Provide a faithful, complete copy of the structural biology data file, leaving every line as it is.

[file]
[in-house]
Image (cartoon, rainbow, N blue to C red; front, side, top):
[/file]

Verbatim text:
[in-house]
Image (cartoon, rainbow, N blue to C red; front, side, top):